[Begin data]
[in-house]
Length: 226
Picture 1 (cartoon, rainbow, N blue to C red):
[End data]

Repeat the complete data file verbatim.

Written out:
[in-house]
Length: 226
Picture 1 (cartoon, rainbow, N blue to C red):